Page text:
GENEVA (Reuters) – The World Trade Organization is scrambling to develop a plan for the biggest reform in its 23-year history after U.S. President Donald Trump brought the world’s top trade court to the brink of collapse by blocking appointments of its judges and threatening to pull the United States out of the organization.
Mr Trump’s administration has targeted the WTO, the watchdog of global commerce, as part of his wider campaign against trade arrangements he contends have cost hundreds of thousands of US jobs.
Proposals to shore up the organization include increasing the number of judges and rewriting trade rules for industrial subsidies, state-owned firms and technology transfer. Those ideas and others will be discussed when Canada hosts a dozen trade ministers in Ottawa on today and tomorrow.
At stake is the effectiveness – even the survival – of a key stabilizing force in the global economy. Since its founding in 1995, the WTO has stopped governments from arbitrarily raising trade barriers and disrupting the flow of goods.
Much of the US displeasure stems from how the WTO has tied its hands in dealing with China, which it accuses of “dumping” cheap goods on the United States to take market share and unfairly using government subsidies to lower Chinese companies’ costs.
Dennis Shea – US ambassador to the WTO and deputy United States Trade Representative – has said the judges have “strayed” and taken liberties with their own rules of procedure, ignoring deadlines and staying on cases after their official departure dates. Mr Shea says such breaches may invalidate their work.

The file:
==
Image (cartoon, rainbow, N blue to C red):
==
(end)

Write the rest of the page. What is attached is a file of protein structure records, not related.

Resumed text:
“We’ve been making these points for not just 15 months but for 15 years. Our proposal is that the Appellate Body needs to abide by the rules we agreed to in 1994.
“The paralysis of the Appellate Body would cast a long and deep shadow on the continued operation of the multilateral trading system,” he said.
US Trade Representative Robert Lighthizer has said the WTO does an enormous amount of good but that he wants more focus on negotiating new rules and enforcing existing ones with less litigation.
Mr Lighthizer is widely seen as the brain behind Mr Trump’s trade strategy, drawing on his experience battling cheap Japanese imports as the deputy US Trade Representative from 1983 to 1985 under the administration of President Ronald Reagan.
For more than 30 years after that, he was a partner at the law firm Skadden Arps, where he represented US steelmakers against China. Mr Shea also briefly worked at Skadden, later spending a decade investigating the national security implications of US-China trade for the US Congress.
“We have a slew of steel dumping lawyers on the protectionist side in charge of US trade policy,” said Mr Bacchus, the former WTO judge and congressman. “They are bullying the world, and now they are bullying the members of the Appellate Body.”
The goal, US officials have said, is to get China’s communist government, which still controls much of its economy, to institute sweeping free-market reforms to get into line with WTO rules. Lighthizer said the United States erred in letting China join the WTO in 2001 without such changes.